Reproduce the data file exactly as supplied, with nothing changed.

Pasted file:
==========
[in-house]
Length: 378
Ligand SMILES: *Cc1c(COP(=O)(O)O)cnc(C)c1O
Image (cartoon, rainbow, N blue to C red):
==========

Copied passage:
[in-house]
Length: 378
Ligand SMILES: *Cc1c(COP(=O)(O)O)cnc(C)c1O
Image (cartoon, rainbow, N blue to C red):